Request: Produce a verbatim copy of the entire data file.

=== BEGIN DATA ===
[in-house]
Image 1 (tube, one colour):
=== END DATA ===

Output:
[in-house]
Image 1 (tube, one colour):